Bull shoals dam is of course now closed, but what fantastic fishing was there during the month of October. I have never seen so many fish in that zone before, all be it the majority in the 12 to 15in range and a smaller percentage of fish over that.
But, if you wanted to hone your midge fishing skills that was the place to go and do it for sure.

We did manage to nail some of the early larger Browns that had moved in prior to spawning, but l never did see the large numbers that l had seen there in previous years.

BSD is a special place for me as there is no other zone on the entire river system like it, including the Norfork river.

What do we expect for the rest of the month and into December.
Until we have consistent low temps, the fish will be actively looking for food. Once the colder days move in and the water temps drop much of the food base will become dormant through the winter period.

That as a rule leaves the predominance of chironomids and some mayfly hatches such as BWO. Fish may well be less active early in the day but should start to move around and look for food as the day warms up.
Which may also stir some scuds and sowbugs to life

If you are at this time not getting takes, it may well be that the fish have no interest to feed at that time, hang it out as they should come on the feed at some time during the day.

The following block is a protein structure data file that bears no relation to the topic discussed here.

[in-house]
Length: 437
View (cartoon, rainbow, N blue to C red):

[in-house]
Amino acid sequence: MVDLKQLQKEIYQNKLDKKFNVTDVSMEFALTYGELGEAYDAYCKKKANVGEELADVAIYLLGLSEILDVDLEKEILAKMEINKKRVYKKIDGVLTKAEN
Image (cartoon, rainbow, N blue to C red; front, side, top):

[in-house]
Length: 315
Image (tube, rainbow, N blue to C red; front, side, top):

Best bets out there to catch fish will be this. If there is no activity surface wise you will need to get down to the fish. My option will be to use chironomids in sizes 14 and 16 for the White and 16 to 20 for the Norfork if low water conditions.
Generics such as PTN, hares ear are good consistent flies to use along with flies that incorporate peacock herl bodies such as the 20 incher and prince.
Both with and without bead heads, silver, gold and black.
Also add here small nymphs that contain some flash on the body or as tail filaments.
Some like also to use eggs and other flies of that nature.

If there is any surface activity, go with small drys, such as elk hair caddis in 18 and 20s, Adams, BWO. Black midge, again small sizes.
Along with that small soft hackles 16s to 20 for dead drift surface fishing.
As a rule fish will not chase small flies fished within the surface film as they will not see them. Here you need to go at least 5x if not to 6 and may be 7 at times when the food base is micro small.